till the squeaking of this entry, angular like the crosses in its gardens. Let the keys’ loan be allowed without interest, or let the excoriating side of the wall be climbed without sanctions, because the siren announces the closing. Here the photos make fathers smaller, decorated with frames for the audience. Nearby, the artificial and the natural flower appear.
Staying there humming and hawing, who knows how many closings there were, one after another; closings after openings and vice versa. The prayer needs more than drowsiness. After your prayers you should go back to life: always straight on, turn left, turn right, turn your shoulders. You will reach the streets, the shortcuts, the horns, the halts , et cetera. In front of you the varnish of signs which imply gestures of dropping wrists: God’s finger marked me with the X and Y of mortality.
Some thunder claps, and then rain falls. It’s raining in the puddle; puddle-mirror and puddle-washtub for some John’s dusty feet: “I want her, whom all others resemble”. It is still early to indulge in the dream again. An ointment is prescribed so that happiness won’t dry out. The puddle looks like a lake. Love is a drowned with martyr fingers. With those rings that insist on imitating the tragic shape of a lifebuoy.
The moon is high again at night. It easily lends its associations to the round image, to the abyss of the withdrawing border. Each closing circle has never really been opened. Or it was as a rat trap. The agitation squeaks, drawing labyrinths of heartbeats. Even Death is forced to cover them, hurrying to coincide with the carnal sides of the exile. He, who is searching the meaning, cannot be late anymore.
What can we expect? Darkness magnifies agitation. Having climbed the stairs, having heard Destiny screeching on the banisters, I fall down supine. It is me again, Narcete. Back to my dwelling. With my arms like the tough six-legged animal struggling in a room. The tiles multiply the directions taken and the solitude. The position saves me from the sight of the diagonals, of the lines that cut my back. I am afraid. It is time to invoke the faking of a dream.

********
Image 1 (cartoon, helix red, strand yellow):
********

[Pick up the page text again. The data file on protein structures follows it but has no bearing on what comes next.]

The fingers touch sea rocks, transfixed by flowers verging on vermilion; the radially arranged petals sweat. Scattered monstrances look like fruits on flowers that look like monstrances. Sounds perspire. The sounds scatter streams of slimy fogs. Agitation magnifies darkness.
In the sand, a foot crashes into a dead crab, twinges spray like sea-foam against the pinches of agony. A sign signals waters that flow to quench the immortals’ thirst. Others to avert human evanescence. I am awakened by the tingling arm which together with the palm was my cup. Narcete is not thirsty anymore.
In my ears, blood hums twelve beats. After midnight, what is the right time to ingest fatalities? Sometimes mud draughts flow from bottlenecks to throats; lungs delight in floating, hardened like a deserted land looking upwards, accidentally surrounded by tide flows. If it were so, a boat could be there drawing oscillations.
The boat stands on its side, drawing its oscillations while drifting, like the extraction of an inheritance removed from memory. It does not land, it cannot be driven ashore. The tie cannot be tied, that one entwined for a possible mooring.
The lines of rigidness tighten quickly; the pallors of the hands are hardly crossing.
1 Lautréamont I. L. D. (conte di) Les Chantes de Maldoror. Poésies – Lettres, trad. it. Canti di Maldoror. Poesie – Lettere, RCS, Milano, 2002.
2 Ionesco E., La soif et la faim, trad. it. La fame e la sete, in Teatro Completo, vol. II, Einaudi-Gallimard, Torino, 1993.
The quartet we are about to hear